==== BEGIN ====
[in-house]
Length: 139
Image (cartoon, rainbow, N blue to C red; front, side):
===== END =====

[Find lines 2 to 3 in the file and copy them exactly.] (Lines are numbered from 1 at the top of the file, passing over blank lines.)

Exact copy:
Length: 139
Image (cartoon, rainbow, N blue to C red; front, side):